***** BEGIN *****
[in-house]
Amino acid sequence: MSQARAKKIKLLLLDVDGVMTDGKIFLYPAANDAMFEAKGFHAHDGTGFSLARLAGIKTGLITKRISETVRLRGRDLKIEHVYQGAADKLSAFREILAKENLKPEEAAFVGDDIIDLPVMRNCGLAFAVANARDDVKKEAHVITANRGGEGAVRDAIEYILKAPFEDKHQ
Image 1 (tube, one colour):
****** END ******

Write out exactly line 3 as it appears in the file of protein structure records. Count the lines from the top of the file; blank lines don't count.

Image 1 (tube, one colour):